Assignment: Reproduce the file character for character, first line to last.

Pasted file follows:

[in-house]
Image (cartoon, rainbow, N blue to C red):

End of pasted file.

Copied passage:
[in-house]
Image (cartoon, rainbow, N blue to C red):